and realised that I was doing things in a sufficiently different way to John to warrant a separate post. So, in some vague order, here's how I write a post for Dev.to and my own blog.
I write my Markdown in Vim. Or Emacs in Evil mode, which is just Vim emulation in Emacs.
Why? Well, I find the manipulation of text - any text - really quick and easy in Vim. Moving paragraphs, changing words, deleting sentences - Vim is aware of the structure of natural language, which makes using it to edit blog posts easy. But that's my experience which is coloured from having used it since the beginning of my career. You either like Vim or you don't - it's really not that important.
Why use Emacs and not just Vim? It just depends on whether I've got a terminal or Emacs open.
Markdown is both wonderful and terrible. Wonderful as it's everywhere, is human readable, is human writable, and supports the structures you want to use for technical writing - i.e. code blocks. Terrible because there is no standard - the HTML you'll get out of the other end of a parser is not consistent between parsers.
Think this isn't too much trouble? I have to join all the lines in a paragraph to a single line when I'm posting on Dev.to as the Markdown parser treats all the line breaks in a paragraph as hard breaks.1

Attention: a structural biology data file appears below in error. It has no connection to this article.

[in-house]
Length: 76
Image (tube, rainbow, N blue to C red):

It's this inconsistency parsers that makes me avoid (or at least not rely on) Markdown linters and previewers. I tend to wait until the post is near finished before I see what it looks like with stage 5 (see below).
Still, the benefits outweigh the drawbacks and so Markdown it is.
Markdown posts like this can be sent to
aspell, a handy interactive and extensible spellchecker. Good editor integration for aspell exists in both Vim and Emacs.
diction are a pair of tools that check for grammar mistakes and readability.
diction picks up on clichés, doubled-words and potential misspellings. It's sometimes wrong but it gets you thinking about whether you could word things better and so makes an excellent starting point.
style describes how readable your document is through a series of scores - Flesch-Kinkaid for instance. It's interesting information.
I keep my posts on GitHub. If someone spots a mistake then at least this way they can open a pull request.
I've been using GitHub Pages to host my blog as a static site since forever. It's an easy enough hosting solution and you can use it with any number of static site generators to turn your Markdown into HTML.
I wrote my own static site generator because I found every one I tried a little too busy for my liking. It's still too busy for my liking and I reckon it could be scrapped in favour of Pandoc and a few Bash scripts as glue, but it was fun to write. I wouldn't use it if I were you.
I like the colour orange.
Hey, it works.2
My personal site has no place for cover images, but Dev.to does and so I feel obliged to put something there.
What I write can come across as an angry old man coming down from a mountain to shout at everyone to stop worshipping false idols,3 so a picture of Moses always makes an approprite Dev.to cover image. Usually something involving smashing tablets and looking angry, but this time I've been a bit more peaceful and so it's The Finding of Moses by Lawrence Alma-Tadema.